Muslims are not allowed to kill women, no matter what. They're not allowed to attack old people or children. They're not allowed to damage buildings in war.
"If these were Muslims, then why were they reportedly in a nightclub drinking the night before [Sept. 11]? In Islam, you cannot drink," he said. "So I don't believe they were Muslims."
Finally, Chaudhry said, look at the outcome of the terrorist attacks: America destroyed the Taliban regime, which was supported by Muslim extremists. America is considering invading Iraq, a Muslim country. Muslims in America have suffered from hate crimes, and their mosques defaced.
"Why would any Muslim try to do this to Islam?" Chaudhry said.
Many Muslims worldwide are ignorant about many things, he said, including their own religion. Pakistan's literacy rate is only 9 percent, he said.
"They have been brought up in war. No education. They are living in shelters, these ghettos. I expect this from them."
Chaudhry said the terrorist attacks could have completely discredited Islam, the fastest-growing religion in America.
But they didn't.
"Due to the grace of God, the reverse has happened," he said.
"More people are trying to understand Islam."
The call to prayer is answered
Just before 5 p.m., Ahmed El-Sherbeeny removed his shoes and entered a plain, white-painted wooden building, tucked away behind the McDonald's on University Avenue.
He walked through a carpeted room to a bathing nook, removed the white knit kufi from his head, and patiently explained the ablutions he must perform before praying.
"Hands, gargle, nose, face, arms — right and left — head, ears and two feet," he said.
Then he returned to the carpeted room and turned on a microphone. He faced east and began to sing the prayer call. Speakers piped the high, chanting song into the open air.
Men began to file in: Sabbagh from upstairs, and Shah, who kicked off their shoes, dropped their backpacks and padded quietly to the front of the room, bowing before settling into quiet contemplation.
A small boy entered with a tall man. They stood side by side, the boy copying the man's movements — bending, kneeling, bowing.
The tall man leads the prayer. A young man in hospital scrubs is the last to file in, making 10 who pray along with the leader.
When the simple, silent ceremony is finished, the boy skips across the soft carpet and out the door.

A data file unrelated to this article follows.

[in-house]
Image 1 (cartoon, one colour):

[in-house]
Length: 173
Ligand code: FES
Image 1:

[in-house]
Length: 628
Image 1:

Within a year, Morgantown will have a new mosque to replace the little white building, Albalawa said.
"It will look like a mosque from outside, with the minaret," a tower from which the muezzin calls people to prayer.
"We plan to have an open house soon, for Muslim and non-Muslim to get to know each other."
Morgantown, like other cities in West Virginia, is developing a sizable Muslim community. Albalawa can count Muslims from Asia, Europe, South Africa, North America, Malaysia and Indonesia.
"A big percentage of these people are professionals," he said. "Doctors, a lot of post-doc faculty at WVU."
Late this summer, the State Department started conducting background checks on all foreign male students between the ages of 16 and 45.
"In fact," said Peter Li, WVU's dean of international students, "some of our students are still stuck overseas." By the end of the second week of classes, eight students will still be waiting on their security clearance. They had already missed so many classes, they probably won't be able to study in the United States this semester.
Surprisingly, Li said, Sept. 11 and its aftermath haven't cut down the number of international students at WVU.
"Unofficially, we are getting 160 more international students as opposed to the same time last year," he said. Students from the Middle East and Pakistan make up about 10 percent of the 1,350 international students.
Albalawa said some of his friends from Saudi Arabia abandoned their plans to pursue a Ph.D. in the United States after Sept. 11.
"In fact, if I listen to my mom, brother and sisters, I would not come to this country," he said. He recently went back to Saudi Arabia for a visit, and his family urged him to stay home.
He definitely would have, if he wasn't so close to finishing his degree.
"I try to convince them it's getting better," he said. "But I believe I am taking some risk being in this country now."
To contact staff writer Tara Tuckwiller, use e-mail or call 348-5189.